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Russia-NATO Council: there is no agreement

Shortly after the Geneva meeting of the US and Russian delegations, a meeting of the Russia-NATO Council was held on Wednesday — for the first time in the last two years. A breakthrough, however, could not be achieved: The sides failed to bring their positions closer on issues such as the situation around Ukraine and NATO's expansion to the east. According to Alliance Secretary-General Jens Stoltenberg, the differences between the parties are "very significant." European media are sharing details.

Freedom to form alliances is vital for Europe

Why Europe is forced to reject Russia's demands, explains La Repubblica:

"The Western world and, above all, Europe cannot agree with the idea of returning to spheres of influence — as if the Warsaw Pact still existed. Such intentions would set rigid boundaries for Europe — in terms of political activity, freedom of decision-making by individual countries, as well as in the issue of military presence. The idea that a nation should not have the right to decide for itself which alliances it should join should be strongly rejected. In addition, such an idea is perceived as an imminent danger by States that have decided to join the Atlantic Pact, starting with Poland."

Russia hardly wants detente

If Russia wanted peace, it would not have sent about a hundred thousand troops to the border with Ukraine, — believes Eesti Paevaleht:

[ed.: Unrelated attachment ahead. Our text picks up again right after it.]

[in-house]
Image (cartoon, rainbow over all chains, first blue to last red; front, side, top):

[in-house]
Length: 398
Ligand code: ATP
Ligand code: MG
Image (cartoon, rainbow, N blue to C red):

"Apparently, this is a well-thought-out tactic of Putin — to confuse the West in order to keep all the levers in his hands in this way. On the one hand, Moscow assures that it does not intend to attack Ukraine. However, such a large military contingent cannot be kept in limbo: soldiers lose patience, motivation decreases, equipment needs support, and bases are far away. The troops are either put into action or sent home. ... Apparently, Putin wants to ensure that his system of power is recognized in the so-called near abroad. Here, NATO should draw a red line: the alliance should not give at the mercy of Moscow countries that follow a democratic path."

Putin does not understand that everything has changed

Rzeczpospolita believes that Russia entered into negotiations based on misconceptions:

"Why do negotiations look like a dialogue between the deaf and the blind? Perhaps the fact is that the Kremlin and Vladimir Putin personally misunderstand the principles of the functioning of the West. In the same way, the head of the Russian state treats Ukraine and other post-Soviet republics that have dared to embark on the path of democracy. Apparently, he is convinced that the so-called "color revolutions" are the machinations of Americans and not evidence of the formation of a mature civil society."

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